Your business may have already received ISO14001 environmental accreditation, but did you know that a new version came into force at the end of 2015? Is your business prepared and ready to meet the new requirements?
Over 300,000 businesses worldwide are certified to ISO14001, the international standard for Environmental Management Systems (EMS). However, last year the standard was updated to align with ISO’s new universal management system structure.
Businesses have until 2018 to update their system to the new standard, or those businesses looking to achieve ISO14001 for the first time can go straight to ISO14001:2015 certification.
“Although businesses have two more years in which to update their system, Investors in the Environment Consultanc
y is recommending that businesses take action sooner rather than later,” explains the organisation’s Environmental Consultant Katie Greenhalgh. “This is to avoid a last-minute rush and potential lack of auditor availability, which could ultimately cause some businesses to fall out of compliance.”
So what has changed in the standard? Using the new structure should mean that it is easier for businesses to integrate their EMS with other standards such as health and safety. However, there are some major changes and additions:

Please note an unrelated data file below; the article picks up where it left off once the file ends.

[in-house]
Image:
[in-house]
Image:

The new standard calls for businesses to no longer just look at their business and its impacts in isolation, but instead analyse the wider context and life cycle impacts of their products and services. The business must now consider not only the environmental impacts that they can control, but those that they can influence and that may impact upon them.
The business must show that environmental issues are considered within the organisation’s strategic direction and that top management is leading this and ensuring that it is integrated throughout the business. So, prepare your senior management team to be audited and questioned on the businesses strategy, environmental issues and EMS!
- Legal and other requirements:
Businesses should make sure that they are considering legal obligations, voluntary commitments and now contractual requirements to which they are signed up to in the EMS.
- Risk Assessment:
Businesses will have to use risk assessments to identify and categorise both environmental risks and importantly opportunities that relate to the businesses context, interested parties, environmental aspects and compliance obligations.
If you need any assistance with the new standard, updating existing systems or getting certified for the first time, Investors in the Environment Consultancy
is here to help. Get in touch to discuss your needs by calling 01733 882549 or by visiting firstname.lastname@example.org